I almost didn’t get to see this show.  Matilda is the hottest ticket in London right now, and as I was preparing for my trip, I had tried to buy tickets in advance.  They were sold out on every website I tried.  Every day I looked at was sold out, but I had a friend who told me about the returns line, so I tried for that when I got to London.  I tried the Wednesday matinee, but there were no returns when I got there and I decided to get a ticket to Singin’ In the Rain instead.  I was very glad I saw that show, but I still wanted to see Matilda, and since I had a free day on the Sunday, I decided to try in earnest and wait in the line up until showtime if I had to, so I showed up an hour in advance expecting to wait.  Fortunately, I didn’t have to, because after about three minutes a woman walked up to me with two spare tickets and offered to sell me one.  I never found out her name, but I’m very grateful to her because, thanks to her, I was able to see one of the most exciting and creative musicals I have ever seen.

Matilda is based on the classic book by Roald Dahl, which I’m ashamed to admit I haven’t read.  I haven’t even seen the movie.  All I knew is that it was a Dahl book and it was about a girl with special abilities and a mean teacher.  I was going into this show almost blind, and I’m actually glad because the whole unfolding sense of wonder as the story progressed was a major highlight of the experience of seeing it for me.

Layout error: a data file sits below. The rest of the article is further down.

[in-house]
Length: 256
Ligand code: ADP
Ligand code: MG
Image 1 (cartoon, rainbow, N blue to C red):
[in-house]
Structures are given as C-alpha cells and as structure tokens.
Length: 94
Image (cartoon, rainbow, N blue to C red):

In the opening “Miracle” sequence highlighting some parents’ overindulgence of their children, we are introduced to Matilda Wormwood (Hayley Canham), an extraordinarily gifted young girl who is ignored and underappreciated by her materialistic and self-centered parents (Annette McLaughlin and Mark Goldthorp).  She learns to read at a very young age and is only encouraged in this by the local Librarian Mrs. Phelps (Melanie La Barrie), who likes to listen to Matilda’s stories.  Soon Matilda is sent to a school run by the overbearing and over-the-top evil Miss Trunchbull (David Leonard), where she makes friends with the other children and meets another encouraging adult, her teacher Miss Honey (Haley Flaherty), who has a dramatic childhood story of her own that mysteriously links her to Matilda.